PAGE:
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How to Know if You’re Ready to Step into the Role of Educator or Mentor

Photo by Priscilla Du Preez on Unsplash

For many creative entrepreneurs the idea of becoming an educator or mentor feels like the “next step” to take in business. It’s a common misconception that becoming an educator will help you climb higher up the mountain of success. In reality, it’s actually just a different path to take.

As a former full time teacher, I hold an immense amount of respect for educators. However, I don’t believe you should seek the title of “educator” simply for the mark of credibility it lends. Rather, you should seek to provide education as a service to your industry, and to the people within it.

Whether you see a need in your industry to offer an educational resource, or you feel drawn to helping others succeed within your community through sharing your skill set and knowledge. Industries thrive off of experts passing down what they know.

But how do you know “WHEN” you’re ready to start teaching, and HOW should you begin?

The “when” is the tricky part. Teaching in any capacity is a big responsibility, especially when you accept the role of helping people build businesses or talents that impact their lives.

It is incredibly easy to get wrapped up in coffee dates chatting about business, and letting the amazing feeling of helping a peer find success push you into jumping into offering formal education as a facet of your own business. I urge anyone who is interested in offering these services to ask themselves the hard questions.

Important questions to ask when you’re considering becoming an educator or mentor:

  • Why am I drawn to this? Do I have the “heart of a teacher” or is it namely for profit or recognition?
  • Is the education I plan on offering tried and true? Are they including things that are actually working for me within my own business that have made me profitable and successful?
  • What am I willing to pour into this experience? Do I feel comfortable speaking frankly about topics like money, legalities, strategies, etc.? Do I feel comfortable accepting the responsibility of helping others in this way?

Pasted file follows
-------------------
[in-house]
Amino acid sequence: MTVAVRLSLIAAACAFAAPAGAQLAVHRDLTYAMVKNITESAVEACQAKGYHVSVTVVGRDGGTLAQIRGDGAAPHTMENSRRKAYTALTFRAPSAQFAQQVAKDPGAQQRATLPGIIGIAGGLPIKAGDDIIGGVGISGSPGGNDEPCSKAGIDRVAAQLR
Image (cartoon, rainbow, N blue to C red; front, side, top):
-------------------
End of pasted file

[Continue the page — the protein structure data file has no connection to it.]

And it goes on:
If you feel confident in your answers, and you’re ready to get started mentoring/educating- let’s get started with the “how”!

I’m going to share a few steps to get you started on the path of transitioning into the role of a mentor/educator.

  • Take the time to develop an understanding of where your unique gifts lie. For example, if you are an artist, do you thrive on breaking down the logistics and strategy behind running your business, or do you thrive on explaining and guiding others through your creative process?
  • Decide on the type of role you want to take. Underneath the umbrella of “education” are several options you could choose; mentoring (one-on-one, ongoing, intensives, groups), masterminds or group coaching (one time or ongoing), courses, workshops, and more. Choosing an initial route will help you focus on creating an experience that will serve your mentees/students well. This doesn’t mean you can’t eventually expand to offer more services, but having a focused starting point will help you develop what you teach.
  • Create a blueprint of what your time with each mentee/student will look like from beginning to end. Beginning being initial contact, and end being follow up. It’s important to map out your time together so that you are truly meeting their needs. They look to you to be the expert. Are you preparing with questionnaires or a call before you meet? If you are hosting an event such as a workshop, are you taking the time to invest in getting to know your attendees first? These steps will help you as you prepare to guide others in your educational offerings.
  • Continue to invest in your own education, and find your own mentor/experience. It’s incredibly important as an educator to keep up with best practices and professional development to be able to offer the best to those who invest in you!

Not sure if it’s the right time yet, but still feeling pulled toward education?

It’s normal to question if you are ready to take on the responsibilities of helping others find success. If it’s something you are striving toward, the best first step could be getting a mentor of your own. And remember: creating educational experiences and offerings can be heavy work. But the reward of helping your peers, your community, and your industry grow and thrive is incredible!

Want to learn all the secrets to choosing the best mentorship or mastermind groups to move your business forward? Get our Ultimate Guide to Mentorships and Mastermind Groups here.

Plus, 5 more posts you might like:

How to Choose Between a Mentor or a Mastermind Group

5 Signs You Might Need a One on One Mentor

4 Ways to Determine if a Mastermind Group is Right for You and Your Business

Business “Lifelines”: Finding the Help You Need

I tried a business coach, a monthly mastermind, and a mentor: here’s what I learned

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